Pakistan was created as a muslim state and every non muslim history of pakistan belons to India. Indus Valley is India’s Heritage as the people of that place were Hindus.
What a fool. A sick fool. A fool without a brain.
Just compare the way Hindus are treated in Pakistan with the way Muslims are treated in India. You will get the answer as to who is better person.

Those who leave their religion are cowards. Pakistanis are converts from Hinduism. No wonder the Arab world considers you inferior. Your condition is like a dhobi ka kutta, na ghar ka na ghat ka. You are not Hindus. You are not Muslims. You are shit.
Losers who ran away from their religion. We Indians kept our religion. You lost. You became slave to Arabs. Thats why you are so obsessed with your religion.

Ton Ami December 22, 2013 - 10:26 pm

I believe that Pakistan is not following Muslim states rather it is Pakistani concept of modern state that is being progressively or regressively adopted by may Muslim states.

Karan December 28, 2013 - 3:26 am

That was a great reply. But the only thing you did was point fingers instead of looking at the point raised by the article or Anatha. Firstly, she hasn’t identified herself as Indian. She could be nepalese or Sri lankan or anybody else for that matter. Doesn’t mean she cannot have an opinion on the matter.

The treatment of minorities in Pakistan is absymal to say the least. Whether its the treatment metted to Hindus or Christians or Ahamadis. That is the point the author was trying to make;Pakistan is suffering from an identity crisis.

It has grappled onto religion too hard and that has forced the minorities( Hindu/christian/ Ahamadis/Shias/Sufis) into an uncomfortable place.

Blasphemy laws, abductions, forced marriages etc. Doesn’t this make the average pakistani feel any sympathy for their own fellow citizens. Where are the mass protests, marches,outcries?

Your absolutely right when you say that India could treat its minorities better. However, I dont see thousands of muslims walking upto wagah/attari begging to be given refuge in pakistan. Unlike the thousands of Hindu Sindhis that have migrated to India out of fear for their safety.

The muslim minority of India and other minorities have grown in number unlike that of pakistan. That should be clear enough to indicate where the problem lies.

Lastly, The Indus valley civilsation stretched from Gujarat to Punjab. A simple wikipedia search will help you educate yourself.

All that lovely water that passes through the plains of Pakistan arises from India. So technically, there would never have been an indus valley civilisation if it wasnt for “India”.

Dont be bigoted. Dont be a hater. And treat your neighbours better.

Nassr January 3, 2014 - 2:16 pm

Whereas I agree with you that the treatment meted out to minorities in Pakistan needs definite improvement, it would be appropriate if such a comment comes from a person whose own country is free from hateful community punishments and cruelties meted out to their own minorities at a much larger scale and ironically supported by their own top level political leadership.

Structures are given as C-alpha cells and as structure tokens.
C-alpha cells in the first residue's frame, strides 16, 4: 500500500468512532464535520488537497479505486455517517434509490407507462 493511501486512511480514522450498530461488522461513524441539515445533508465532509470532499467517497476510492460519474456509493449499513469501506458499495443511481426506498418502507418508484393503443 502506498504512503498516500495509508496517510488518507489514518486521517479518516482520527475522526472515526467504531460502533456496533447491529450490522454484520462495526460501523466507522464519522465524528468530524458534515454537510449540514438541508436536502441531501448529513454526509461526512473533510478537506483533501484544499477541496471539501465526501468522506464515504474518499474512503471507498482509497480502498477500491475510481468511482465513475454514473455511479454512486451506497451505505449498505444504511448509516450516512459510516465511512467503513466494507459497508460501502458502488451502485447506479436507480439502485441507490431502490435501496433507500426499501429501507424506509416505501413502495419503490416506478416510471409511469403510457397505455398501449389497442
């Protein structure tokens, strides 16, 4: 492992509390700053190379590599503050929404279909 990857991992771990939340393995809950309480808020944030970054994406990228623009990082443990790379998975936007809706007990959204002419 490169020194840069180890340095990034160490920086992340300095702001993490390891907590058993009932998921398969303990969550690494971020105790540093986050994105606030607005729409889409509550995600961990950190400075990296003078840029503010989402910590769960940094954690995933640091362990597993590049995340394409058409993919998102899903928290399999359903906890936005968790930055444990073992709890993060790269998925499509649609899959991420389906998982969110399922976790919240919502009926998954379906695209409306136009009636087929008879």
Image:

Let me also correct your incorrect statistical outlay – it is not Pakistani Hindus who migrated from Sindh in thousands as the number is much less and these migrations were economic migrations, not related to any ill-treatment meted out to them. And when you state that you don’t see Indian Muslims crossing Wahga border into Pakistan, let me remind you that it has been the Muslims, Sikhs and Christians who migrated from India in hundreds of thousands to Canada and UK and many other countries to escape the atrocities meted out to them in India by majority Hindu community with direct, indirect and tacit support of the ruling elite. Hashimpura massacre of Muslims, Gujarat massacre of Muslims, Sikh massacres in Delhi and rest of India, destruction of Babri mosque, destruction of the holiest Sikh shrine and burning of Christian churches, Colonel Purohit from Indian Army Military Intelligence involved in murdering numerous people in Pakistan bound Samjhota Express are but a few examples in this regard.
Atrocitis against non-Hindus in India has also been part of ancient Indian history and has continued in the present times as well. After all how was the majority Buddhist India converted to majority Hindu India, to an extent that there hardly are any Buddhists left in present day India.
Let me quote the UN estimates of the pre 1947 percentages of Hindu and Sikh population in areas of Pakistan.
W. Punjab: 9% Hindu, 11% Sikh
Sindh: 10% Hindu, 5% Sikh
NWFP: 2.5% Hindu, 2.5% Sikh
Baluchistan: 3% Hindu
Over 50% of these figures migrated to India around the time of partition.
And the River Indus does not arise from India as you state. A simple Wikipedia search will also tell you that it emanates from China and merely passes through a short traverse in Ladakh in Indian Occupied Kashmir which is not part of India as being a disputed territory; and does it make Indus Valley Civilization Chinese – it does not. Whereas the whole of Pakistan is engulfed by the landmass of Indus Valley Civilization, India houses only 2-3 percent of its landmass due to the border drawn by the British with an identical spill over into Iran and Afghanistan. Therefore, it is Pakistan which is the true heir of Indus Valley Civilization and not India. Please search for your identity within the boundaries of India instead of stealing some one else’ identity; which makes me wonder, what is your identity Mr. Karan.
And may I also state that before you go on an accusational spree against others, due to the Indian Hindus inbred hatred against its minorities, clean your own backyard first and learn to treat your neighbours better. Thank you.

George March 16, 2020 - 3:03 am

Muslims never integrate wherever they are. Most Muslims in UK live on government handouts and they commit more crimes than any other community.